A subscriber asked whether limiting choices in the Simple Asset Class ETF Momentum Strategy (SACEMS) to IWB, IWM, RWR, EFA and EEM (TLT, GLD, DBC and Cash) when above (below) the 200-day simple moving average improves model performance. To investigate, we assume the simple moving average (SMA) is for the S&P 500 Index as proxy for the equity market and use a 10-month rather than 200-day SMA to simplify calculations. If we interpret the equity market to be in a bull (bear) state when the S&P 500 Index is above (below) its 10-month SMA, the question is whether limiting momentum strategy choices to equity-like (alternative class) assets during equity bull (bear) markets is advantageous. Specifically, we test this combination strategy on the following eight asset class exchange-traded funds (ETF), plus cash:

PowerShares DB Commodity Index Tracking (DBC)

iShares MSCI Emerging Markets Index (EEM)

iShares MSCI EAFE Index (EFA)

SPDR Gold Shares (GLD)

iShares Russell 1000 Index (IWB)

iShares Russell 2000 Index (IWM)

SPDR Dow Jones REIT (RWR)

iShares Barclays 20+ Year Treasury Bond (TLT)

3-month Treasury bills (Cash)

At the end of each month, when the S&P 500 Index is above (below) its 10-month SMA, we allocate all funds to the equity-like (alternative class) asset with the highest total return over the past five months. Using monthly closes for the S&P 500 Index since April 2002 and adjusted closing prices for the asset class proxies and the yield for Cash since July 2002 (or inception if not available then) through November 2012, *we find that:*

The following chart shows the distribution of asset class ETF winners based on past five-month total return over the entire sample period with (SMA/5-1) and without (5-1) the SMA condition. Note that number of ETFs in competition increases over time, as follows:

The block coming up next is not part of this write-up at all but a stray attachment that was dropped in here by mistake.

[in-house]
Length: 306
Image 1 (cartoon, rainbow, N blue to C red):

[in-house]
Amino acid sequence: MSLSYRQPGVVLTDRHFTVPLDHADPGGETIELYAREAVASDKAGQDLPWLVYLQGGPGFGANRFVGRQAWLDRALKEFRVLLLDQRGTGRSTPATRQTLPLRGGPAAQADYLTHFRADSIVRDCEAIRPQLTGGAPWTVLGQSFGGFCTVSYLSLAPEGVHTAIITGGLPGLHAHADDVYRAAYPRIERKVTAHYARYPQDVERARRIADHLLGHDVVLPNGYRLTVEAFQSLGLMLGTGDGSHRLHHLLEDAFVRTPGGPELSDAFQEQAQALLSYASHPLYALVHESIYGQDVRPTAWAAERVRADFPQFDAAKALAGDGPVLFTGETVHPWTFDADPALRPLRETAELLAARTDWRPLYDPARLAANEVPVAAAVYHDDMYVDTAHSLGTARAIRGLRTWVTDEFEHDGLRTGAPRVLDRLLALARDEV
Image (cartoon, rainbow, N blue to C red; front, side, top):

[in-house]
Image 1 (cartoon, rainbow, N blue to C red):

- EFA, IWB, IWM, RWR and TLT are available over the entire sample period.
- EEM is available starting April 2003.
- GLD is available starting November 2004.
- DBC is available starting February 2006.

Results indicate that the SMA-derived constraints increase (decrease) the odds of picking equity-like (alternative class) assets, ostensibly because the equity market is in a bull state 72% of the time. There are only 33 of 119 months during which the alternative classes are in play.

How do the two sets of winning ETFs translate into cumulative returns?

The next chart compares the cumulative values of $100,000 initial investments in the SMA/5-1 and 5-1 strategies. Calculations derive from the following assumptions:

- Reallocate/rebalance at the close on the last trading day of each month (assume that five-month past total returns for the ETFs and the SMA-based equity market state can be calculated just before the close).
- Trading (switching) friction is 0.2% of the balance whenever there is a change in holdings.
- Ignore any tax implications of trading.

At the assumed level of switching friction, the 5-1 strategy beats the SMA/5-1 strategy based on terminal value and at most inception-to-date horizons.

For comparison, the average monthly net return for the SMA/5-1 (5-1) strategy is 1.45% (1.58%), with standard deviation of monthly returns 5.79% (5.82%).

The number of switches for the SMA/5-1 (5-1) strategy is 42 (48), so reducing trading friction slightly favors SMA/5-1. On a frictionless basis, the average monthly gross return for the SMA/5-1 (5-1) strategy is 1.52% (1.66%), with standard deviation of monthly returns 5.77% (5.81%).

If we initiate the test at the end of August 2006, when lagged five-month returns for all asset class ETFs first become available, the terminal value at the end of November 2012 for the SMA/5-1 (5-1) strategy is $246,364 ($262,122).

In summary, *evidence does not support belief that limiting choices for an asset class momentum strategy based on a simple equity market bull-bear state variable is advantageous.*

Cautions regarding findings include:

- Sample size is modest (about 24 independent five-month momentum ranking intervals for five ETFs and fewer for three others, and about 12 independent 10-month SMA calculation intervals).
- There is data snooping bias in the selection of five months as the momentum ranking interval, and such bias is especially pernicious in small samples. It is plausible that a five-month interval is not separately optimal for the equity-like and alternative class assets.
- There may be ways to specify the equity market state that work better than the 10-month SMA for the S&P 500 Index.
- Potential wildness in ETF monthly return distributions limits confidence in results.